Ok, so we’re a little late on this. But hey — at least you’ve got until October now, right? An awesome friend shot me a link to a post over on the Highland Woodworking blog carrying a list — actually, a really well-thought-out list — of stuff around the shop that’d help you in an apocalyptic zombie attack. (The post seems to be a response to the CDC recommendations — no, really — that prove once and for all that the CDC does indeed have a sense of humor.)

Besides tagging Festool’s contractor first aid kit as an obvious choice, they recommend the lathe skew chisel, cordless drill (w/spade bit), and cordless recip as primary anti-zombie weapons, and note that Japanese cut-off saws would work great for hand-to-hand combat. One maybe-not-so-good option, though, is a chain saw, as TM reader Dreamcatcher points out in my favorite comment so far this week:

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Some coworkers and I ate at a little cafe the other day and got to watch a show: The local gas mart had failed a year or two ago and a worker was taking it down — with a digger. Most at our table considered our lunch show annoying. I, of course, loved it.

It’s simply amazing, both how quickly the operator took the entire over hang and building down and what a neat little pile he made while doing it. Sure, the digger really wasn’t made for this sort of thing, but damn if I can tell why not. Inside twenty minutes after I took this shot, the digger was gone and so was the building.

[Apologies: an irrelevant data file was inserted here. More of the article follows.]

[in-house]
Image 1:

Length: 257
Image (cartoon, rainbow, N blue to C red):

Tools come in all sizes, both great and small, but the thing to remember is to try to bring the right tool to bear on the right project. I can’t help thinking these guys had this one pegged.

 

Here’s another one from the email pile: the JackJaw. Funny name aside, it looks pretty slick. As you pull on the handle, the mechanism tightens up two jaws to grab and pull stakes or posts with a lot more force than you can generate on your own. (The maker claims that 200 lbs. of force on the handle translates into a whopping 4,200 lbs. of gripping force and 1,800 lbs. of “breakout” force.) A large steel base plate stabilizes the whole thing.

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You may have noticed a sharp spike in the number of limo-riding, formally-dressed high school kids in your locale a while back. But not all of them are wearing expensive custom dresses or rented tuxedos. The once-original idea of fashioning prom wear from duct tape has taken off — with the help of the Duck brand.

(A quick moment’s rant: While I can’t deny the marketing genius of naming one’s tape business after the most common mispronunciation of “duct,” I do get a little riled every time I see it. It was bad enough when folks called it “duck tape” because they didn’t understand its original application. For years now they can also head down to the local big box and buy some by that name. Doh!)

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The bond between driver and car often falls into the “If I have to explain, you wouldn’t understand” category – however, it’s a very rare driver and vehicle that make it 82 years together without interruption. That’s just what Allen Swift did.

In 1928, Allen Swift, Springfield, Massachusetts, received a new 1928 Rolls-Royce Picadilly P1 Roadster from his father as a graduation gift. Over the years, he put 170,000 miles on it, and drove it until October, 2005, when he died at the age of 102.